Examples of foreign financial accounts include, but are not limited to:

  • Bank accounts—checking, savings, and CDs;

  • Investment accounts—stocks, bonds, and mutual funds;

  • Cash value life insurance policies

  • Corporate bank accounts when you own more than 50% of the company

  • Foreign retirement and tax-qualified savings accounts, for example:

  • ISAs (United Kingdom)

  • Superannuation accounts (Australia)

  • RRSPs and TFSAs (Canada)

  • Fondos para el Retiro (Mexico)

Aggregate value of $10,000

Common misconceptions among US expats is that is none of their accounts reach a balance of $10,000, then they do not have to file an FBAR, or that they only have to report accounts that have balances above $10,000. In truth, if the total value of all your foreign accounts combined go above $10,000 at any point during the year, you have to file the FBAR and report all of your accounts, even accounts with negligible or negative balances. For example, if you have three accounts, and the balances in the accounts are $4,000, $5,999, and $2, you have to disclose all three accounts on the FBAR.

Due Date for the FBAR

Until 2017, the filing date for the FBAR was June 30 every year, with no extensions available for any reason. This rule did not match anything else in the tax calendar, and accomplished nothing more than making US expats across the world (and their CPAs) miserable. Beginning in 2017, Congress moved the deadline to align with the rest of the tax world.


Nowadays, the FBAR is technically due April 15. However, FinCEN, knowing that many US expats would have extreme difficulty assembling their information before then, administratively grants an automatic six-month extension to everyone. You do not have to request this extension. Therefore, for all intents and purposes, the FBAR is due on October 15.

Penalties for Not Filing the FBAR

Here we go, time for the “or else” part of the article: What will happen, you ask, if I don’t file the FBAR?

The answer: Nothing good.

The penalties for not filing an FBAR range from severe to “are you kidding me” territory. Penalties can be civil or criminal in nature, and a person can be assessed both of them at the same time if they catch the FBI in a particularly bad mood (see Manafort, Paul—although some would have you believe he got off easy).


The following is from the IRS’s official FBAR reference guide, but I have updated the civil penalties amounts for inflation.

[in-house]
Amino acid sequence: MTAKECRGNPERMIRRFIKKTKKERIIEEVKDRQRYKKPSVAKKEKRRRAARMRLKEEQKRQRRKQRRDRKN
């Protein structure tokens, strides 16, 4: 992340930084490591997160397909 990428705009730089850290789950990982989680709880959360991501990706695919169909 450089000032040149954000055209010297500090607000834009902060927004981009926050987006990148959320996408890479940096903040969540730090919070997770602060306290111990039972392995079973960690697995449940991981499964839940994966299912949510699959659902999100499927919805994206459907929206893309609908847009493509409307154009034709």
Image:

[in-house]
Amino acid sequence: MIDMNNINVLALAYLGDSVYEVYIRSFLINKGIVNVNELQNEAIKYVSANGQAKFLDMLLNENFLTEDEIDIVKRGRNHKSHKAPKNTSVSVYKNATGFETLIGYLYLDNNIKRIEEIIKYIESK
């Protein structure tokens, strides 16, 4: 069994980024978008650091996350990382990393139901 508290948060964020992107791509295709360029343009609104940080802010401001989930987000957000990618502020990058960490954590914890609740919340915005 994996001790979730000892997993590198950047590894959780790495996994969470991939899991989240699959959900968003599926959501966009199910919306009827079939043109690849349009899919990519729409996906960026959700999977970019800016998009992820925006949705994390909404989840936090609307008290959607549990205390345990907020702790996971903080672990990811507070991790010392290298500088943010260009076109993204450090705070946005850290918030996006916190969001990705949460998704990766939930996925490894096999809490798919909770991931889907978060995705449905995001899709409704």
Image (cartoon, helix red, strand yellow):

As of January, 2020:


Non-willful violation

Civil Penalties: $12,921

Criminal Penalties: N/A


Willful failure to file

Civil Penalties: $124,588 or 50% of the value of the account, whichever is greater

Criminal Penalties: Up to $250,000 or 5 years in prison, or both


Willful failure to file while violating other laws

Civil Penalties: $100,000 or 50% of the value of the account, whichever is greater

Criminal Penalties: Up to $500,000 or 10 years in prison, or both


Knowingly and Willfully Filing False FBAR

Civil Penalties: $100,000 or 50% of the value of the account, whichever is greater

Criminal Penalties: $10,000 or 5 years in prison, or both

Catching Up on FBAR Filings

Thankfully, there is a way out.


The IRS and the Treasury have programs available to help US expats get current on their filings. Both the Streamlined Procedures (covered in a previous post) and the Delinquent FBAR Filing Procedures are relatively painless ways to get current on your FBAR filings. And, as you may have guessed, we are quite experienced with these programs here at CPAs For Expats.

Conclusion

No, the IRS does not hate you, and the Treasury does not actually want to know every transaction in your Australian checking account. However, the requirement to file an FBAR is real, and the savvy US expat will not risk missing these deadlines—because the last thing anyone wants to receive is a penalty notice from the IRS which was easily avoidable.


Looking for help with your FBAR filing? Contact CPAs For Expats and let’s get started!